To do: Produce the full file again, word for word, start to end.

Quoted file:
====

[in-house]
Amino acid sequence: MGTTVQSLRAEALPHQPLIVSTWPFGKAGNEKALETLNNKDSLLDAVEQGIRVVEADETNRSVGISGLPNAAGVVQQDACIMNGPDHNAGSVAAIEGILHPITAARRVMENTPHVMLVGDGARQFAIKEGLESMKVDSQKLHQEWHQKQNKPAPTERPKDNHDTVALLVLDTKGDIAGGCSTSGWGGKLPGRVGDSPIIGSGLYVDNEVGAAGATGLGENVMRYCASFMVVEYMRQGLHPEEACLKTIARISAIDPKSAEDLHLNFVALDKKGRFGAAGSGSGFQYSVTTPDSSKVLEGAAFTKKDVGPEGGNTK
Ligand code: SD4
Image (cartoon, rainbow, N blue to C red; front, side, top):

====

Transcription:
[in-house]
Amino acid sequence: MGTTVQSLRAEALPHQPLIVSTWPFGKAGNEKALETLNNKDSLLDAVEQGIRVVEADETNRSVGISGLPNAAGVVQQDACIMNGPDHNAGSVAAIEGILHPITAARRVMENTPHVMLVGDGARQFAIKEGLESMKVDSQKLHQEWHQKQNKPAPTERPKDNHDTVALLVLDTKGDIAGGCSTSGWGGKLPGRVGDSPIIGSGLYVDNEVGAAGATGLGENVMRYCASFMVVEYMRQGLHPEEACLKTIARISAIDPKSAEDLHLNFVALDKKGRFGAAGSGSGFQYSVTTPDSSKVLEGAAFTKKDVGPEGGNTK
Ligand code: SD4
Image (cartoon, rainbow, N blue to C red; front, side, top):